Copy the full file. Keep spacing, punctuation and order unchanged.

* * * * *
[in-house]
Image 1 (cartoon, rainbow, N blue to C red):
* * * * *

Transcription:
[in-house]
Image 1 (cartoon, rainbow, N blue to C red):